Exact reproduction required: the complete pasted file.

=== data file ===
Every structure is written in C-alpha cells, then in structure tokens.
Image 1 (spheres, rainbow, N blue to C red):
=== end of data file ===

Every structure is written in C-alpha cells, then in structure tokens.
Image 1 (spheres, rainbow, N blue to C red):